More than Words
Abdul Khaeer Mohammed Mohsin, editor of Singapore’s only Bengali newspaper, talks about growing a cultural space for migrant workers in Singapore, his life here and his advocacy work.
BY CORINNE KERK
ILLUSTRATION THAM SZEMIN
he office of Abdul Khaeer Mohammed Mohsin, editor of the monthly Bengali newspaper Banglar Kantha (Voice of Bengal), sits above an eatery in a bustling corner of Rowell Road in Singapore’s Little India. A simple sign on the door reads: “Bangladesh Centre-Singapore. Connecting Dhaka and Singapore. Bridging two cultures seamlessly…”
The room is not much more than 500 sq ft, but quite a lot happens here. Mohsin, 53, is dedicated to serving the needs of the estimated 140,000-strong Bangladeshi migrant community in Singapore. His office has become the go-to place for Bangladeshi migrant workers in need of assistance.
Apart from a section he uses as his office, the rest of the space is dedicated to a small library of Bengali books, traditional musical instruments and games – all of which are used by workers who visit mostly in the evenings and on weekends. This is where cultural space Dibashram, started by Mohsin in 2011, holds its free artistic activities like poetry competitions, photography exhibitions and drama workshops. These are funded by earnings from Banglar Kantha’s advertising revenue.
Growing up in Brahmanbaria, the cultural capital of Bangladesh, Mohsin was inspired to start Dibashram because of the poetry, stories and musical talents of the migrant workers he met in the course of his work. He says: “I wanted them to have a place they can go to read literature and practise and uphold our glorious culture in a multilingual country. When each person is involved in his own culture, he feels empowered – that he is not only labour but human. People can then see that we are all humans, with feelings.”
“When each person is involved in his own culture, he feels empowered – that he is not only labour but human. People can then see that we are all humans, with feelings.”
Abdul Khaeer Mohammed Mohsin, editor of Banglar Kantha
While it is mostly Bangladeshi migrant workers who use the space, Dibashram has evolved into a meeting place of sorts for the different communities in Singapore. It is where locals come to befriend the workers.
Students from Singapore’s Nanyang Technological University make it a point to visit on Sundays to spend time with and help the workers learn English. In addition, many students have made films on the workers as part of their school projects. As a result, they have built relationships and come to appreciate their struggles and hardship, says Mohsin.
Friends from India and Sri Lanka also join them for informal sessions where they sing and play music together. One of Dibashram’s initiatives, an annual poetry competition started in 2012, has grown to now include Chinese, Indonesian, Filipino, Indian and Sri Lankan participants.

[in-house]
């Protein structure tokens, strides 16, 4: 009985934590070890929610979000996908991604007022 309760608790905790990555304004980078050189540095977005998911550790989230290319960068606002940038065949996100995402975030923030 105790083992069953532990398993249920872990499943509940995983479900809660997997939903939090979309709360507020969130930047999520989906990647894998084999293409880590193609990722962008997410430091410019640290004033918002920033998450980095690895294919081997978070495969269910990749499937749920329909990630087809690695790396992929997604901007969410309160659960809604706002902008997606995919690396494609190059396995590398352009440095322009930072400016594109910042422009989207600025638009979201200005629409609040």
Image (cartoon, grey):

All this leads not only to greater interaction, but also greater awareness and support for the migrant worker community, says Mohsin. He adds: “Nowadays, migrant workers are behind all the construction and developments in Singapore, so people must realise they work very hard and see them not just as foreign labour but human beings. In this way, those who cheat migrant workers should also feel ashamed, as locals support and encourage these workers’ rights.”
A PURPOSE-FILLED LIFE
Mohsin first came to Singapore in 1991 to study English and computing. He later received a job offer in the printing industry and returned here to work. Home today is a three-room HDB flat (public housing in Singapore) in Kallang Bahru – about 30 minutes’ walk from his office – with his wife and three daughters. “I regard Singapore as home because two of my three children were born here, they all grew up here and study here,” he says. “They like Singapore and see it as their home too. As for me, I am very settled here and also very satisfied with what I do here.”
Because he sees his newspaper as a platform for the workers’ voices, Mohsin has used it to expose unscrupulous agents and employers who exploit Bangladeshi migrant workers. For that, he has received threats. But he remains unfazed. He says: “When I was a student, my country was ruled by a military government so I fought against them as an activist and got thrown into jail. This inspired my work life, so that besides being a journalist, I am also an advocate for migrant workers’ rights.”
Last year, he was almost forced to give up Dibashram as he could no longer afford to pay the venue’s rent and utilities. Publicity in the local papers eventually helped get him additional advertisers for his newspaper, which meant he could continue funding the cultural space. This also adds to his sense of belonging in Singapore. He says: “The local media and authorities recognise and value my work and what I do for my community.”
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